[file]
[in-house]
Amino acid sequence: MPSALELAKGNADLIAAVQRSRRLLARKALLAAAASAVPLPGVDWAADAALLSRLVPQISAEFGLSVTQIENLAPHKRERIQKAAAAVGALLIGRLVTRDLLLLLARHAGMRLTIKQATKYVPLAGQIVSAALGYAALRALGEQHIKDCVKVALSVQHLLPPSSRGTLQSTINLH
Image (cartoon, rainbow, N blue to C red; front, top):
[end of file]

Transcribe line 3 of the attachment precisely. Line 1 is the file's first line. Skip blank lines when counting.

Image (cartoon, rainbow, N blue to C red; front, top):